BY THE NUMBERS

A statistical look at the NCAA championship game:

1: NCAA titles and Final Four appearances for Connecticut.

2-6: Duke's all-time record in championship games.

10-0: Connecticut's record this season when trailing at the half.

25.4: Duke's average margin of victory, tops in the nation this season.

32: Consecutive wins by the Blue Devils before Monday's loss to UConn.

41: Duke's shooting percentage in the final, its lowest this season.

145: MVP Richard Hamilton's point total in six tournament games.

LARGEST UPSETS

Biggest underdogs to win the NCAA championship since 1961, with point spread, year and score:

9-1/2: 1985, Villanova 66, Georgetown 64

9-1/2: 1999, Connecticut 77, Duke 74

8-1/2: 1983, North Carolina St. 54, Houston 52

8-1/2: 1988, Kansas 83, Oklahoma 73

8: 1961, Cincinnati 70, Ohio State 65 (OT)

7: 1997, Arizona 84, Kentucky 79 (OT)

6-1/2: 1966, Texas Western 72, Kentucky 65

NCAA CHAMPIONS

1939: Oregon

1940: Indiana

1941: Wisconsin

1942: Stanford

1943: Wyoming

1944: Utah

1945: Oklahoma A&M

1946: Oklahoma A&M

1947: Holy Cross

1948: Kentucky

1949: Kentucky

1950: CCNY

1951: Kentucky

1952: Kansas

1953: Indiana

1954: La Salle

1955: San Francisco

1956: San Francisco

1957: North Carolina

1958: Kentucky

1959: California

1960: Ohio State

1961: Cincinnati

1962: Cincinnati

1963: Loyola, Ill.

1964: UCLA

1965: UCLA

1966: Texas Western

1967: UCLA

1968: UCLA

1969: UCLA

1970: UCLA

1971: UCLA

1972: UCLA

1973: UCLA

1974: North Carolina State

1975: UCLA

1976: Indiana

1977: Marquette

1978: Kentucky

1979: Michigan State

1980: Louisville

1981: Indiana

1982: North Carolina

1983: North Carolina State

1984: Georgetown

1985: Villanova

1986: Louisville

1987: Indiana

1988: Kansas

1989: Michigan

1990: UNLV

1991: Duke

1992: Duke

1993: North Carolina

1994: Arkansas

1995: UCLA

1996: Kentucky

1997: Arizona

1998: Kentucky

1999: Connecticut

TOURNAMENT MVPs

1939 - None selected

1940 - Marvin Huffman, Indiana

1941 - John Kotz, Wisconsin

1942 - Howie Dallmar, Stanford

1943 - Ken Sailors, Wyoming

1944 - Arnold Ferrin, Utah

1945 - Bob Kurland, Oklahoma A&M

1946 - Bob Kurland, Oklahoma A&M

1947 - George Kaftan, Holy Cross

1948 - Alex Groza, Kentucky

1949 - Alex Groza, Kentucky

1950 - Irwin Dambrot, CCNY

1951 - None selected

1952 - Clyde Lovellette, Kansas

1953 - B.H. Born, Kansas

1954 - Tom Gola, La Salle

1955 - Bill Russell, San Francisco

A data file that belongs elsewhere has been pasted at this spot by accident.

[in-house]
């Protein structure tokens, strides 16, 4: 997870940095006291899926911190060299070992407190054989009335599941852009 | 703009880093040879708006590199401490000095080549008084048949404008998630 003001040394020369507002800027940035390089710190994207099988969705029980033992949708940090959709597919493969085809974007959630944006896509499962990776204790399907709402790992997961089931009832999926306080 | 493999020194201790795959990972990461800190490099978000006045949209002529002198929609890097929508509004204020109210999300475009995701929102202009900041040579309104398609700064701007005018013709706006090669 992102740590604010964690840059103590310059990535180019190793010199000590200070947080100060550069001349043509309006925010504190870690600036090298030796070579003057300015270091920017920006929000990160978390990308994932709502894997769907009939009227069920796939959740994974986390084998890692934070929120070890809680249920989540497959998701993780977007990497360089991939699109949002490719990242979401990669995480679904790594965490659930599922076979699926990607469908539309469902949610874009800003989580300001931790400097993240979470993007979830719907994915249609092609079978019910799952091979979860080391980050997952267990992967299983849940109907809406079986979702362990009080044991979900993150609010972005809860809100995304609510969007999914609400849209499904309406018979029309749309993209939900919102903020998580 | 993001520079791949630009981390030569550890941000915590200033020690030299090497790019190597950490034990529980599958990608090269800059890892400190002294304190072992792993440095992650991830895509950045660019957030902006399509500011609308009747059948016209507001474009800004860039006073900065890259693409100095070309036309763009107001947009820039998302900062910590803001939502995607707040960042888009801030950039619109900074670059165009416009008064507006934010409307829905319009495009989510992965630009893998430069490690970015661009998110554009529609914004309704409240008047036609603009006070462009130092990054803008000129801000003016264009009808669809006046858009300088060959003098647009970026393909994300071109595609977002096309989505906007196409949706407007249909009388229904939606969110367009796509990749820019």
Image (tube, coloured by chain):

1956 - Hal Lear, Temple

1957 - Wilt Chamberlain, Kansas

1958 - Elgin Baylor, Seattle

1959 - Jerry West, West Virginia

1960 - Jerry Lucas, Ohio State

1961 - Jerry Lucas, Ohio State

1962 - Paul Hogue, Cincinnati

1963 - Art Heyman, Duke

1964 - Walt Hazzard, UCLA

1965 - Bill Bradley, Princeton

1966 - Jerry Chambers, Utah

1967 - Lew Alcindor, UCLA

1968 - Lew Alcindor, UCLA

1969 - Lew Alcindor, UCLA

1970 - Sidney Wicks, UCLA

1971 - (x) Howard Porter, Villanova

1972 - Bill Walton, UCLA

1973 - Bill Walton, UCLA

1974 - David Thompson, North Carolina State

1975 - Richard Washington, UCLA

1976 - Kent Benson, Indiana

1977 - Butch Lee, Marquette

1978 - Jack Givens, Kentucky

1979 - Earvin Johnson, Michigan State

1980 - Darrell Griffith, Louisville

1981 - Isiah Thomas, Indiana

1982 - James Worthy, North Carolina

1983 - Akeem Olajuwon, Houston

1984 - Patrick Ewing, Georgetown

1985 - Ed Pinckney, Villanova

1986 - Pervis Ellison, Louisville

1987 - Keith Smart, Indiana

1988 - Danny Manning, Kansas

1989 - Glen Rice, Michigan

1990 - Anderson Hunt, UNLV

1991 - Christian Laettner, Duke

1992 - Bobby Hurley, Duke

1993 - Donald Williams, North Carolina

1994 - Corliss Williamson, Arkansas

1995 - Ed O'Bannon, UCLA

1996 - Tony Delk, Kentucky

1997 - Miles Simon, Arizona

1998 - Jeff Sheppard, Kentucky

1999 - Richard Hamilton, Connecticut

(x) - subsequently ruled ineligible

CAPTION(S):

3 Photos, Box

PHOTO (1--Color) Connecticut's Khalid El-Amin, whose short jumper with 1:05 left proved to be the winning shot, leaps into the arms of teammate Jake Voskuhl.

Eric Draper/Associated Press

(2) Khalid El-Amin, right, and Rashamel Jones savor UConn's victory. ``We wanted to prove everyone wrong,'' El-Amin said.

Ed Reinke/Associated Press

(3--Color) no caption (Connecticut Coach Jim Calhounn)

Ed Reinke/Associated Press

BOX: LARGEST UPSETS (see text)
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Copyright 1999, Gale Group. All rights reserved. Gale Group is a Thomson Corporation Company.

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Title Annotation:SPORTS
Publication:Daily News (Los Angeles, CA)
Date:Mar 30, 1999
Words:1442
Previous Article:NCAA FINAL FOUR NOTEBOOK: HUSKIES CAN THANK THEIR STARS.
Next Article:DAILY NEWS GIRLS' BASKETBALL ALL-AREA TEAM : PLAYER OF THE YEAR.